This essay in the comparative metaphysic of nothingness begins by pondering why Leibniz thought of the converse question as the preeminent one. In Eastern philosophical thought, like the numeral 'zero' (śūnya) that Indian mathematicians first discovered, nothingness as non-being looms large and serves as the first quiver on the imponderables they seem to have encountered (e.g., 'In the beginning was neither non-being nor being: what was there, bottomless deep?' RgVeda X.129). The concept of non-being and its permutations of nothing, negation, (...) nullity, etc., receive more sophisticated treatment in the works of grammarians, ritual hermeneuticians, logicians, and their dialectical adversaries variously across Jaina and Buddhist schools. The present analysis follows the function of negation/the negative copula, nãn, and dialetheia in grammar and logic, then moves onto ontologies of non-existence and extinction and further suggestive tropes that tend to arrest rather than affirm the inexorable being-there of something. After a discussion of interests in being (existence), non-being and nothingness in contemporary metaphysics, the article examines Heidegger’s extensive treatment of nothingness in his 1929 inaugural Freiburg lecture, 'Was ist Metaphysik?', published later as 'What is Metaphysics?' The essay however distances itself from any pretensions toward a doctrine of Metaphysical Nihilism. (shrink)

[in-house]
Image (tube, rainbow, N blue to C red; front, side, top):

The paper proposes a novel understanding of how Aristotle’s theoretical works complement each other in such a way as to form a genuine system, and this with the immediate (and ostensibly central) aim of addressing a longstanding question regarding Aristotle’s ‘first philosophy’—namely, is Aristotle’s first philosophy a contribution to theology, or to the science of being in general? Aristotle himself seems to suggest that it is in some ways both, but how this can be is a very difficult question. My (...) answer is in some respects a version of one that goes back at least to the middle ages—i.e., that first philosophy is concerned with the gods (and to that extent offers a theology) because the gods are causes and principles of beings precisely insofar as they are beings. The more original aspect of my position lies in my claim that the sort of tension found in the Metaphysics is likewise to be found in many of Aristotle’s physical works. Thus, for example, the De caelo is (I argue) concerned generally with natural beings (= beings susceptible of change), but its discussions are focused largely on the heavenly bodies and the Aristotelian elements insofar as they admit of change with respect to place. Here I claim that the particular objects of discussion are dealt with precisely because they are causes and principles of natural beings as such. Something similar goes, I claim, for the De generatione et corruptione, the general concern of which is a particular species of natural being—i.e., natural beings susceptible of generation and corruption. In this way, I argue, Aristotle successively deals in his theoretical works with those causes and principles of (say) a horse which attach to it insofar as it is a being, those causes and principles of a horse which attach to it insofar as it is a natural being, those causes and principles of a horse which attach to it insofar as it is a perishable natural being, and so on for the lower genera under which the species horse is subsumed. (shrink)